"... 7. In 1980, I bcame the President and Chief Executive Officer of the Security Bank and Trust Company (SBTC). At that time, I was the Financial Executor of Mr. and Mrs. Ferdinand Marcos. It is not quite accurate to say that I was the financial advisor of Mr. and Mrs. Marcos. Although at times I was consulted by Mr. and Mrs. Marcos and in that sense acted as financial advisor, in truth I was often carrying out the instrutions of Mr. and Mrs. Marcos. These instructions came to me, either through Mrs. Fe R. Gimenez who used to all up to convey them, or given to me directly by Mr. Ferdinand Marcos or Mrs. Imelda R. Maros, after being asked by Mrs. Gimenez to go to Malacañang.
[Here comes the reference to Lucio Tan:]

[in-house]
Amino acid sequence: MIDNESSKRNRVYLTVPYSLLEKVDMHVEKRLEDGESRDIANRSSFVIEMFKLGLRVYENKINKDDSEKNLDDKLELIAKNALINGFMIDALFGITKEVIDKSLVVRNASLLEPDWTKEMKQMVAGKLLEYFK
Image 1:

"8. With particular reference, for example to MR. LUCIO TAN, I know that Mr. Marcos and Mr. Lucio Tan had an understanding that Mr. Marcos owns 60% of Shareholdings, Inc., which owns shares of Fortune Tobacco, Asia Beer Brewery Allied Bank, and Foremost Farms. I was asked sometime in 1985 to formalize this arrangement. I went to Mr. Lucio Tan for that purpose. He tried to bargain by reducing the equity of Mr. Marcos to 50%. I told him that I was merely carrying out the instructions of Mr. Marcos and that if he wanted to bargain, he should take up the matter directly with Mr. Marcos. As a matter of fact, Mr. Lucio Tan, apart from the 60% equity of Mr. Marcos, had been regularly paying, through Security Bank, Sixty Million Pesos (P60 Million) to One Hundred Million Pesos (P100 million) a year to Mr. Marcos, in exchange for privileges and concessions Mr. Marcos had been giving him in relation to the business managed by Mr. Lucio Tan. As I said on p. 7 of Annex "A", Mr. Lucio Tan gained substantial concessions in specific taxes and stamp duties for his cigarette(Fortune Tobacco) and Beer Operations. He belongs to the group that could get presidential decrees and letters of instruction from Mr. Marcos for their joint benefit. I understand that Mr. Tan asserted that he was the victim of extortion, and that he outwitted Mr. Marcos by issuing to Mr. Marcos his 60% equity in face certificates of stock. This is not accurate. Mr. Marcos and Mr. Tan were in partnership, and they derived great material benefits from their relationship. As far as I know, Mr. Tan was not in a position to outwit and outmaneuver Mr. Marcos. I do not know that there is a crony or business associate of Mr. Marcos who could have done that. [emphasis supplied -scm]